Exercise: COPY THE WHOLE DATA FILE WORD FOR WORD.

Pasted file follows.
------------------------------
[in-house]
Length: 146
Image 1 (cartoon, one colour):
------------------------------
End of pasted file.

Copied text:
[in-house]
Length: 146
Image 1 (cartoon, one colour):